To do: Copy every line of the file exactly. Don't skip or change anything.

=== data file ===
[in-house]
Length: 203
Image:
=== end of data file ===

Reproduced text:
[in-house]
Length: 203
Image: